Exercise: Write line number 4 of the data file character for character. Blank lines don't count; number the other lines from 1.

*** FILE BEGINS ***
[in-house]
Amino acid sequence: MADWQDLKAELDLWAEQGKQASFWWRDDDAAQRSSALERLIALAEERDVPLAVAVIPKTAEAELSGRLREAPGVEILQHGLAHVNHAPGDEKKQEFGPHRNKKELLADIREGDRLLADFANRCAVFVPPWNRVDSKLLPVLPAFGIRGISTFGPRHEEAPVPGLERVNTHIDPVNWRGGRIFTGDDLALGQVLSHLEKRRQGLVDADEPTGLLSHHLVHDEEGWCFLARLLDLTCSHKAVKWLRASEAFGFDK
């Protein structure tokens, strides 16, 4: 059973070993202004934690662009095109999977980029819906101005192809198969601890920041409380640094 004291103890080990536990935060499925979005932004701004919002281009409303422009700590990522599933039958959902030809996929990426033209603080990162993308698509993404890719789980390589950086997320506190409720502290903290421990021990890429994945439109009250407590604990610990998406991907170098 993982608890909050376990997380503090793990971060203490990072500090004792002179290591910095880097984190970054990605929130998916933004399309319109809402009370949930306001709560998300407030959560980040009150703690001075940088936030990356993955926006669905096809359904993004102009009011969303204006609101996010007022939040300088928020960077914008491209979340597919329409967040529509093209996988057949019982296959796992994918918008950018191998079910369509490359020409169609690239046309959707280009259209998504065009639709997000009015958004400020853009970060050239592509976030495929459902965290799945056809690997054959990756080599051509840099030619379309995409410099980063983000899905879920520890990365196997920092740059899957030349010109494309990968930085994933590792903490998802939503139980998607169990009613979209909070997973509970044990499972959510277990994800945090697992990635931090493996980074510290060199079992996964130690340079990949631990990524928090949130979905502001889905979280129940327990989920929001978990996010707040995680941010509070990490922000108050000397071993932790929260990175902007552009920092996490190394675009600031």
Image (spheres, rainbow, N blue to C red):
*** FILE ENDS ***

Image (spheres, rainbow, N blue to C red):